©2009 by Donna Cunningham, MSW
Yesterday a friend and I drove to the coast to commune with the Pacific Ocean. It was an absolutely gorgeous day, and because it’s so early in the season and a Monday to boot, we virtually had the place to ourselves. It was in the low 80s, not a cloud in the sky, a perfect 10. We were served a simple but delicious lunch by a pretty young Latino mom-to-be who pampered us to the hilt.
Somewhere in all that beauty, I chanced to recall a friend from college that I hadn’t thought of in years. She was a sweet, loving girl, and we roomed together in the German House. We were serious language majors and spoke nothing but German in the house and then had supper at the French table. We went Christmas caroling in both languages, and, in fact, Carol was her name. She left school at the end of our junior year to marry her love, the youth minister of her church at home. I managed to see her twice more over the years.
Once I and a busload of other 60s activists played hooky from Columbia University for a week and went to St. Louis to form a national social work students’ organization. We were crusading for such radical causes as being given Spanish courses so we could better serve our clients. Carol lived there in St. Louis and was expecting her second child. I remember putting my hand on her belly, feeling the child kicking. She was having a pre-partum depression, tired and stressed. While we were in school, it was a painful secret that her mom was in and out of psychiatric hospitals, getting shock treatments for terrible, black depressions.
I saw her once more, ten years later. I was giving a workshop in Sacramento, California, and she and her two teenage boys lived there now, minus the minister. I stayed overnight, and we caught up on our lives. She was still so very sweet, the soul of goodness. (I should say that this was a true sweetness, not the twisted version you often find in the goodie goodies who are festering with rage and the need to control behind a facade. I would have recognized that sort, even then.)
Another ten years passed, and I heard from a fellow classmate that Carol had committed suicide, a casualty of the same chemical imbalance that caused her mother’s terrible descents into the black hole of depression. I was saddened at the senseless waste of a beautiful soul.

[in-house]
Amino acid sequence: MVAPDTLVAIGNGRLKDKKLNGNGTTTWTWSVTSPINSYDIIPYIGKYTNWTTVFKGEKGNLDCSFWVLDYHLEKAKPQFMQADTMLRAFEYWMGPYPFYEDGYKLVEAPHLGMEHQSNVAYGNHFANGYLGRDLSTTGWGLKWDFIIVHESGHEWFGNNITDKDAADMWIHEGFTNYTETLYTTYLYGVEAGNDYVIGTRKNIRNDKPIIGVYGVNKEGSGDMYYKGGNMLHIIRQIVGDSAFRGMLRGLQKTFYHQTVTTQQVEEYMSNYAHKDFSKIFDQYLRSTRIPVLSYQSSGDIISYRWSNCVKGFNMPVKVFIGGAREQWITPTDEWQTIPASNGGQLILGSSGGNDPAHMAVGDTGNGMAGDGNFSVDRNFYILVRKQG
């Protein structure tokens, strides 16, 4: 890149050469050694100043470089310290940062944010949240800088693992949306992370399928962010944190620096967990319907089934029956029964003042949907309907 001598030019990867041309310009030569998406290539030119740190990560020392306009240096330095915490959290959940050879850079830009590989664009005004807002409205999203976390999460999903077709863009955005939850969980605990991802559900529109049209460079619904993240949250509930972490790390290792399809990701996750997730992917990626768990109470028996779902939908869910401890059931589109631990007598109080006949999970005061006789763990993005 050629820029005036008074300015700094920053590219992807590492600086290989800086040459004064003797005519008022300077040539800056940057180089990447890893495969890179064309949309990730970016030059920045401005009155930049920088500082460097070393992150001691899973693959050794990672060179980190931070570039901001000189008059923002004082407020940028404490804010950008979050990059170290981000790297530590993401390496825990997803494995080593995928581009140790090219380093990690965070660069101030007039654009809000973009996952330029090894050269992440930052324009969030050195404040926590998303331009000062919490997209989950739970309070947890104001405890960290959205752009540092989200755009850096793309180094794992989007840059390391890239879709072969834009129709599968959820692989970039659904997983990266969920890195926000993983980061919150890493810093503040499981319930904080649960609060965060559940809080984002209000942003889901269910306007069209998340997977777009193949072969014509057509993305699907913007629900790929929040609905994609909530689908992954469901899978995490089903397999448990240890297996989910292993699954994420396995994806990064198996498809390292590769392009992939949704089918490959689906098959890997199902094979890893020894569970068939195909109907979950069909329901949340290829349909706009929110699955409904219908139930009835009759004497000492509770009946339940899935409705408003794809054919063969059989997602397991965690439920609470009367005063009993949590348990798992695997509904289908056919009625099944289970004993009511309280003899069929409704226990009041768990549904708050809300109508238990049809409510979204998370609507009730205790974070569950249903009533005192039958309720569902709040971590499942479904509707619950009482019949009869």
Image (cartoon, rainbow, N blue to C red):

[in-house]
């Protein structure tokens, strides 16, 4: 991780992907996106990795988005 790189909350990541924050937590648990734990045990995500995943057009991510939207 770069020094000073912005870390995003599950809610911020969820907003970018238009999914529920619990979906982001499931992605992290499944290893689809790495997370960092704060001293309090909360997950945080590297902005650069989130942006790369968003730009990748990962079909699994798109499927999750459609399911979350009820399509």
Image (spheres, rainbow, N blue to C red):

That was some 22 years ago, and why she’s been on my mind since yesterday, I do not know. Possibly it was an anniversary of her dealth. I am a closet medium, though for my own good, I don’t do that work professionally. And years ago, I had some contact with suicides and empathically experienced that they were stuck in the same bleak place as when they chose to cross over…until someone intervened to get them out. And, no, sorry, I’m not that someone, and right now I don’t know anyone on this side who has that ability.
All that I know how to do, I did for Carol in the middle of the night tonight, praying to God and to Archangel Rafael to release her from that place so she can begin her healing. And despite all that I’ve heard and read about how suicides will be punished with eternal damnation, I fully believe that she will be released into the loving arms of the angels.
My God is not a God of judgment and punishment, but a force of unconditional love and forgiveness. My God created fields of spring flowers like the ones below. My God created Carol full of that same bountiful divine love that she embodied for us back in college. Her body chemistry predisposed her to the same terrible depressions as her mother, but her chemistry is not her destiny. And as I was praying, I was told that, yes, she’s going to be free now. God bless her beautiful soul and the souls of all who suffer that way.
I went back to sleep after posting this, and when I woke up, I clearly heard a woman singing a joyful hymn: “Oh, happy day! Oh, happy day! When Jesus washed my sins away!” I hope and believe it was Carol.
Note: Irises are my signature flower, as the flower essence enhances creativity. I found these beautiful irises at http://commons.wikimedia.org. The photographer was Thurner Hof. This file is licensed under the Creative Commons Attribution ShareAlike 3.0, Attribution ShareAlike 2.5.